Before you get all huffy, I post Debbie Harry selling French bread not to mock or disdain her, but to show our faithful readers what an insanely sexy person she is. She freaking unsheathes a loaf of Sara Lee bread and with a series of advantageous close-ups (she absolutely works the camera), she somehow actually convinces me I want to buy Sara Lee French bread! A product which I know to be crummy! Such is the power of Debbie Harry! 

Her foray into domestic product endorsement reminds me of my favorite Debbie Harry quote:

“I could be a housewife… I guess I’ve vacuumed a couple of times.”

A woman after my own heart.
 

Posted by Amber Frost | Discussion
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Awesome Japanese movie posters from the go-go Sixties
06.26.2014
11:02 am

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Movies

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movie posters

The Trip
The Trip
 
Why is it that these Japanese posters of American and British classics from the 1960s seem so much more swinging than their Anglophone counterparts? Has the U.S.—or even Great Britain—ever had a period when movie posters were this cool? Whatever, I fully expect to start seeing these in living rooms everywhere, they’re just too fantastic!
 
Alfie
Alfie
 
Bedazzled
Bedazzled
 
Hud
Hud
 
Blow Up
Blow Up
 
Modesty Blaise
Modesty Blaise
More after the jump…

Posted by Martin Schneider | Discussion
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SST Records try the K-Tel route in this crazy early-1990s TV commercial
06.26.2014
08:23 am

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Music
Punk

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SST
Cruz Records


 
This commercial must have been put together around 1990 based on the appearance of e.g. Soundgarden’s Ultramega OK, which came out in late 1988 and H.R.‘s solo album Charge, released in 1990. It’s a healthy reminder of just how remarkable Greg Ginn’s nose for talent was…. all those familiar bands, Bad Brains, Descendents, Dinosaur Jr., Minutemen, Sonic Youth, Meat Puppets, they’re all represented here.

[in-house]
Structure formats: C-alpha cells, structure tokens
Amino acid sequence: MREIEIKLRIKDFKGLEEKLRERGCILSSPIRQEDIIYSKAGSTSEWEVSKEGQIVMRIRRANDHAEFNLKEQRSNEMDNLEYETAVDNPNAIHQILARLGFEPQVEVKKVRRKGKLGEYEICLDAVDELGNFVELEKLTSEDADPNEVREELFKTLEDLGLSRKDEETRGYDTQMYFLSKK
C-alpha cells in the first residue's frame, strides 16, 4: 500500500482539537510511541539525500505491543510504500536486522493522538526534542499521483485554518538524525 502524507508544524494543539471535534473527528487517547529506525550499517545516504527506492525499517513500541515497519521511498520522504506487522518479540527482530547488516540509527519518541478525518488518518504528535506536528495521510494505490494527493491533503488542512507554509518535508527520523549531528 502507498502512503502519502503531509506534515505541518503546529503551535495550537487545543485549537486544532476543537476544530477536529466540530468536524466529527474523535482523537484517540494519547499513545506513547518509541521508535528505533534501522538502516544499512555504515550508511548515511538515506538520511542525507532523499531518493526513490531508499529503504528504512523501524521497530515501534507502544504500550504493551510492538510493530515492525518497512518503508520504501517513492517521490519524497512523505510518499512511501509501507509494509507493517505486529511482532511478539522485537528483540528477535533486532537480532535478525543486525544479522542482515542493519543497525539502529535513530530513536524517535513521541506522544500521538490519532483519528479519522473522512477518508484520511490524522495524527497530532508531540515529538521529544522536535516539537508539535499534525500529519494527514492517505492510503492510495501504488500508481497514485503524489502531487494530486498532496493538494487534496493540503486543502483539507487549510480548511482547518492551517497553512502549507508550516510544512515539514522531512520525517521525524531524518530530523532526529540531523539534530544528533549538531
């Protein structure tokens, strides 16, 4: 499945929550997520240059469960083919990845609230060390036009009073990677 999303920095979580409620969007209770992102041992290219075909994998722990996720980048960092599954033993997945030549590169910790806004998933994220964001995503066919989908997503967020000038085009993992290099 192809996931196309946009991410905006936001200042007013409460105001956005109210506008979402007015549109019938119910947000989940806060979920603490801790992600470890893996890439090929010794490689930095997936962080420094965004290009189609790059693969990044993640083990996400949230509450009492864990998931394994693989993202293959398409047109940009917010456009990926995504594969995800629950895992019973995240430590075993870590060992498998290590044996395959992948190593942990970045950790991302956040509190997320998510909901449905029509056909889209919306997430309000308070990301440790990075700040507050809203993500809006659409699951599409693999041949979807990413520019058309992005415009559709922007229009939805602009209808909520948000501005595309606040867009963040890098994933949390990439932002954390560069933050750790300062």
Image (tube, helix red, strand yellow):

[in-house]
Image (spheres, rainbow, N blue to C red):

Appended at the end is a quick bumper for SST’s sister label Cruz Records, home of Skin Yard, Big Drill Car, and ALL. I love the quick-n-dirty late-night informercial feel of this, complete with crazy gesticulating and ridiculous camera zooms.
 

 
via Biblioklept

Posted by Martin Schneider | Discussion
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We have Pat Boone to thank for the most psychotic and deranged rockabilly record of all time!

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Marty Lott aka Jerry Lott aka “The Phantom” was born near Mobile, Alabama in 1938 and moved to Leakesville, Mississippi during infancy. He played country music on stage at school which progressed to playing country and western at Paynas Furniture Store in Lucedale, Mississippi. Jerry started entering and winning local performing contests which led him to start touring. It all changed in 1956 for Marty and so many others, when Elvis Presley came along, opened his eyes and charged his soul with rock and roll.

“Love Me” was written in ten minutes and recorded in Mobile at Gulf Coast Studio in the summer of 1958. It is one of those rare, lust-filled, psychotic explosions that, in one minute and twenty nine seconds, packs more punch than most punk records did and is considered by many to be the wildest rock and roll song ever recorded. It had to wait until the new decade to see a release.

Lott told Derek Glenister:

“I’d worked three months on the other side of the record. Somebody said, ‘what you gonna put on the flip-side’ I hadn’t even thought about it. Someone suggested I wrote something like Elvis ‘cause he was just a little on the wane and everybody was beginning to turn against rock ‘n’ roll. They said, ‘See if you spark rock ‘n’ roll a little bit’... so that’s when I put all the fire and fury I could utter into it. I was satisfied with the first take, but everybody said, ‘let’s try it one more time’. I didn’t yell on the first take, but I yelled on the second, and blew one of the controls off the wall.”

“I’m telling ya, “it was wild. The drummer lost one of his sticks, the piano player screamed and knocked his stool over, the guitar player’s glasses were hanging sideways over his eyes.

 
mkogdb